story to find out more.
Dale Shaner examines a patch of field bindweed in a cornfield. Mapping these
weed patches and applying herbicides only to the patches will reduce herbicide
use and cost. Click the image for more information about it.
Soil Is Key to Effective Weed Management
McGinnis August 16, 2006
The fight against weeds is getting dirty.
At Fort Collins, Colo., scientists with the Agricultural Research
Service (ARS) are turning to soil to
promote weed control.
Soil variability, an important factor in treating weed-infested
fields, can be gauged by measuring different soils' electrical conductivity
(EC). A soil's EC assesses how easily it allows a current to pass through it.
Soils with a higher EC generally have more clay and organic matter and require
Farmers can use EC to create herbicide application maps, allowing them
to adjust application rates based on variations within the soil. This, in turn,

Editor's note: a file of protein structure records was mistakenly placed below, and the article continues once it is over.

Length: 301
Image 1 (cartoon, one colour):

reduces the risk of excessive herbicide leaching while maintaining
Herbicide selection is an equally important aspect of weed control.
L. Shaner, a plant physiologist in the
Management Research Unit at Fort Collins, has shown that atrazine, a widely
used herbicide, sometimes breaks down rapidly in fields where it has been used
for many years. This could be the result of bacteria which reduce the herbicide
to its elemental parts.
Herbicide degradation makes weed control difficult, so farmers have to
spend more time and money to apply additional herbicide. An inexpensive field
kit could help farmers and crop consultants identify whether fields are at risk
before they apply atrazine.
Shaner and his colleagues are investigating whether test strips used
to analyze water for atrazine's presence could be modified to test the soil.
Though a field kit is still in the early stages of development, Shaner believes
it could help reduce herbicide overdose.
about this research in the August 2006 issue of Agricultural Research
ARS is the U.S. Department of
Agriculture's chief scientific research agency.